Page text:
You’ve decided you’re moving to cloud-based services, so how do you go about it? We have put together a step-by-step guide to help you identify the appropriate level of security for the services that you will need to have in place.

1. Know your businesses requirements

Understanding what you want from your move to the cloud is essential. Do you need to manage fluctuating demand? Perhaps you simply don’t want to manage IT internally anymore or you’ve got legacy equipment and you need to update it.

If you review what’s led you to make the changes in the first place, this will help you work out your requirements. Ask yourself whether your requirements are business critical or not. If your requirements are business critical you will have certain expectations. For example, if your CRM system goes down and as a result you have a call centre with 100 agents unable to work, costing your business money, this is something that needs to be avoided. However, if on the other hand, you were to lose instant messaging, which isn’t as vital to day-to-day business operations, this might not be high on your security priority list.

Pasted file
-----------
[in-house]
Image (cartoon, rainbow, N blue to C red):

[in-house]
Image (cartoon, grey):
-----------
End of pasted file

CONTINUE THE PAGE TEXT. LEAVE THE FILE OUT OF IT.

2. Understand your information

What sort of information do you want to store in the cloud and how confidential is it? You need to identify all the information that will be processed, stored or transported by the service and therefore understand the legal and regulatory implications, for example, the Data Protection Act for handling personal data.

You’ve got to understand what you’re putting out there and this takes you back to your requirements in terms of how available it must be, how reliable it must be, all the governance around it and the kind of data you have and what it’s telling you.

3. Determine relevant security principles and understand how they are implemented